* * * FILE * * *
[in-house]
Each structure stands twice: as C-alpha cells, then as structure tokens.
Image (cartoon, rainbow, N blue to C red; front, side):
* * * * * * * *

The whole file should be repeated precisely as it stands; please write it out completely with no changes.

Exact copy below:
[in-house]
Each structure stands twice: as C-alpha cells, then as structure tokens.
Image (cartoon, rainbow, N blue to C red; front, side):